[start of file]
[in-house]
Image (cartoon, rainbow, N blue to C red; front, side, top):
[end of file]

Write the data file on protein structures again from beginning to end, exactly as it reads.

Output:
[in-house]
Image (cartoon, rainbow, N blue to C red; front, side, top):